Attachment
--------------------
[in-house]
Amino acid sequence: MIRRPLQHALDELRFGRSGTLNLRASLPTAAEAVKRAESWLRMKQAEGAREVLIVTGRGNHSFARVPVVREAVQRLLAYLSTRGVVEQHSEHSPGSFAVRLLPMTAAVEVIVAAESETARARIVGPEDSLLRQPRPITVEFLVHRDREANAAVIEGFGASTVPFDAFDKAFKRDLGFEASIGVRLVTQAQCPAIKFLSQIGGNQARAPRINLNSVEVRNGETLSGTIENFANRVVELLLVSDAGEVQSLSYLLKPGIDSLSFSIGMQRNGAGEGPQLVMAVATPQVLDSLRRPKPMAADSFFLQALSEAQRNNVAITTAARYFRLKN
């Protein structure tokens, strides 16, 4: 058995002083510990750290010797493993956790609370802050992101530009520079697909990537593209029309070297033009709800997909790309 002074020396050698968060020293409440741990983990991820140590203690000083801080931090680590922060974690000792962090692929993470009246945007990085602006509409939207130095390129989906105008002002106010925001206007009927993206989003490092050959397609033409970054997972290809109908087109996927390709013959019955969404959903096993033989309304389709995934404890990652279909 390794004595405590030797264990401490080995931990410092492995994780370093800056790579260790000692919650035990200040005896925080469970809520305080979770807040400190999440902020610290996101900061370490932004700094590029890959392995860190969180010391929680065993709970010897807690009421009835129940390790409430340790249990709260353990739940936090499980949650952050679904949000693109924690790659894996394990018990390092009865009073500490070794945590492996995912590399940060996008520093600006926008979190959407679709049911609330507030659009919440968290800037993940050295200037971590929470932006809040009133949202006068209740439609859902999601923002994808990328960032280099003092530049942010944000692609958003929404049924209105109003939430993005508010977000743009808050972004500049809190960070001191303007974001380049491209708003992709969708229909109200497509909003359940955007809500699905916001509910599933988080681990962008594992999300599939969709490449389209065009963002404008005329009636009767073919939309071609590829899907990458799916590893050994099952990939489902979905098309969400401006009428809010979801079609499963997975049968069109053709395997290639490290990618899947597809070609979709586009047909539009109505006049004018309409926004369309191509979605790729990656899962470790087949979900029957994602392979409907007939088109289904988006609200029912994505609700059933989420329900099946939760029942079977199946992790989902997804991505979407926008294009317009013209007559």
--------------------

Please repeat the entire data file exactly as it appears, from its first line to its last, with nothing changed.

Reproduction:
[in-house]
Amino acid sequence: MIRRPLQHALDELRFGRSGTLNLRASLPTAAEAVKRAESWLRMKQAEGAREVLIVTGRGNHSFARVPVVREAVQRLLAYLSTRGVVEQHSEHSPGSFAVRLLPMTAAVEVIVAAESETARARIVGPEDSLLRQPRPITVEFLVHRDREANAAVIEGFGASTVPFDAFDKAFKRDLGFEASIGVRLVTQAQCPAIKFLSQIGGNQARAPRINLNSVEVRNGETLSGTIENFANRVVELLLVSDAGEVQSLSYLLKPGIDSLSFSIGMQRNGAGEGPQLVMAVATPQVLDSLRRPKPMAADSFFLQALSEAQRNNVAITTAARYFRLKN
């Protein structure tokens, strides 16, 4: 058995002083510990750290010797493993956790609370802050992101530009520079697909990537593209029309070297033009709800997909790309 002074020396050698968060020293409440741990983990991820140590203690000083801080931090680590922060974690000792962090692929993470009246945007990085602006509409939207130095390129989906105008002002106010925001206007009927993206989003490092050959397609033409970054997972290809109908087109996927390709013959019955969404959903096993033989309304389709995934404890990652279909 390794004595405590030797264990401490080995931990410092492995994780370093800056790579260790000692919650035990200040005896925080469970809520305080979770807040400190999440902020610290996101900061370490932004700094590029890959392995860190969180010391929680065993709970010897807690009421009835129940390790409430340790249990709260353990739940936090499980949650952050679904949000693109924690790659894996394990018990390092009865009073500490070794945590492996995912590399940060996008520093600006926008979190959407679709049911609330507030659009919440968290800037993940050295200037971590929470932006809040009133949202006068209740439609859902999601923002994808990328960032280099003092530049942010944000692609958003929404049924209105109003939430993005508010977000743009808050972004500049809190960070001191303007974001380049491209708003992709969708229909109200497509909003359940955007809500699905916001509910599933988080681990962008594992999300599939969709490449389209065009963002404008005329009636009767073919939309071609590829899907990458799916590893050994099952990939489902979905098309969400401006009428809010979801079609499963997975049968069109053709395997290639490290990618899947597809070609979709586009047909539009109505006049004018309409926004369309191509979605790729990656899962470790087949979900029957994602392979409907007939088109289904988006609200029912994505609700059933989420329900099946939760029942079977199946992790989902997804991505979407926008294009317009013209007559």